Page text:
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Briefly, What is Hierarchy?
Hierarchy is admittedly ambitious - We, as developers, need to push things every once in awhile to see what is and what isn't possible. But this makes it tough to understand what exactly Hierarchy does. So, we created this overview section to explain things, giving a bird's-eye overview of Hierarchy and its persistence features. But it assumes you've already seen the our short video that introduces you to Hierarchy and is found on the previous page of this site (on the "Intro" page). If you haven't seen it yet, please go there now and come back here once your ready...

Hierarchy is what's called a NoDB database. A NoDB database is one where the technical aspects of how you work with persistent data are handled for you (which is why it's called a NoDB. This is typically implemented by having your own application objects as your databases (for a short overview on NoDB, click here). And, in Hierarchy, we've implemented NoDB in a very simple way, through a new data-object called a Matrix. A Matrix is a hierarchical data-structure just like JSON or XML. In fact, you can think of it as an easy-to-use, XML-like object that's native to the Java language itself. Matrices have their own, new grammar-rules added right in. So you can simply define one in your Java code:

package com.unconventionalthinking.mypackage;

// Definition of matrix in Hierarchy's extended Java syntax
MATRIX MyPhoneListMatrix {

`John`: { "313-555-1111"},
`Mary`: { "415-000-0000"},
`Bill`: { "248-444-9999"}

As you can see, this Matrix file even has Java's 'package' definition and is treated just like all your other Java files (in fact, you'll put it alongside all your other source-code). Moreover, a Matrix is just a normal Java-object but one that's been customized for data. It allows you to turn on persistence by simply adding one setting:

package com.unconventionalthinking.mypackage;

// Definition of matrix in Hierarchy's extended Java syntax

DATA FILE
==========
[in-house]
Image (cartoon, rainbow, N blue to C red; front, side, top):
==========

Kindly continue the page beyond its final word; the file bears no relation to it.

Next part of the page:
MATRIX MyPhoneListMatrix {

PERSIST: { :On };

`John`: { "313-555-1111"},
`Mary`: { "415-000-0000"},
`Bill`: { "248-444-9999"}

And when you access and modify this persistence object, you work with it just like it's a regular object and Hierarchy takes care of the rest. To access a matrix in your Java code, you'll use our matrix-access language, which is a lot like XPath but easier to use:

void printMary() {
And when you want to modify a value in this persistent matrix, you just do a regular assignment and Hierarchy takes care of persisting this value back to disk:

// Hierarchy will persist this back to disk for you
MyPhoneListMatrix->`Mary`:>PhoneNumber = "415-333-2222";
Hierarchy will collect these changes in a log file which will then be automatically pushed to our internal persistence-server. To see this, let's look behind the scenes at our persistent objects. First off, they are really no different than any other in your system and just like the rest, when your application starts up they live in RAM:
And note that like most in-memory DB's, Hierarchy holds the entire database's contents in RAM. This means that your persistent matrices have all its values in RAM, no matter how larger they are.

So when you do a modification to a value in your matrix, in the background, there is an internal persistence-server running (either on the same system or on a separate server). This server picks up any changes your application makes to your Matrix. This is done using a log file, where your application will quickly log each change to disk. This way, your system can continue to run without the need to wait for the write operation to be sent and processed by the server. Then, after the write is logged, the internal persistence-server picks up this modification from the log file and automatically updates its own copy that's on disk:

The process is seamless and you really will treat your persistent objects like regular objects. But it does take a switch in thinking. Because even though there is an internal persistence-server running in the background, you have to think of the matrix as your database, not the copy of the data on the server! The main purpose of internal persistence-server is to simply copy changes made to your matrix back to disk. And unlike typical databases, your application will query and modify your database data directly (which is the values held in your matrices). In Hierarchy, your matrix objects are the database.

...At this point, before we continue, one important remark we need to make is that our database features are the newest addition to Hierarchy, many aspects of persistence are still in development!